Why have women been treated differently, and discriminated against, in the literary world? Why has gender been a ‘problem’ in the writing, publishing, funding and reviewing scene? And why does it matter?
Éilís Ni Dhuibhne asked 21 writers who were born in mid-twentieth-century Ireland, north and south, to write about their literary lives. They tell it like it really was and is. Collectively, these vivid, original essays provide us with a fascinating picture of Ireland’s literary landscape from multiple female points of view. Poets, fiction writers, playwrights, impresarios, writers in Irish and English, have written accounts which are funny, tragic, philosophical, angry, but all are lively, stunningly honest testimonies of the writing life during a pivotal period in the history of Irish literature. These writers came of age when legislation for gender equality was beginning to be enacted. They are growing older on an island where a great deal has changed. They have participated in, and created, new and more egalitarian literary scenes through their activism, but above all with their writing. They were activists and voices when it really mattered. They are literary survivors.
Lia Mills writes novels, short stories, literary essays and memoir. Her most recent novel, Fallen, was the Dublin/Belfast Two Cities One Book selection in 2016. Recent work has been published in The Dublin Review, The Dublin Review of Books, and the EFACIS Kaleidoscope project. Her first novel, Another Alice, is reissued by Arlen House in 2022.
Catherine Dunne, born in 1954, is the author of eleven novels. Among her novels are: The Things We Know Now, which won the Giovanni Boccaccio International Prize for Fiction in 2013 and was shortlisted for Novel of the Year at the Irish Book Awards. The Years That Followed was longlisted for the International Dublin Literary Award. She was the recipient of the Irish PEN Award for Outstanding Contribution to Irish Literature (2018).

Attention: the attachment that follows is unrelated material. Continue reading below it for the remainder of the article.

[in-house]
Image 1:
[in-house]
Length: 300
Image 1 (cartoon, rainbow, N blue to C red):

Evelyn Conlon, described as ‘one of Ireland’s major truly creative writers’ is a novelist, short story writer, radio essayist and compiler of anthologies. Her work has been described by turn as poetic, acerbic, spare and beautifully descriptive. Her work often deals with people who are between places, crossing borders both real and imagined. It has been widely anthologised and translated, most recently into Tamil and Chinese. She is a member of Aosdána and lives in Dublin.
Hosted by Arlen House publisher Alan Hayes.
Ennis Book Club Festival acknowledges the support of the Arts Council of Ireland, Clare County Council, Clare County Library, Creative Ireland and all of our sponsors, in making the festival happen.
Books by festival contributors may be purchased from Ennis Bookshop.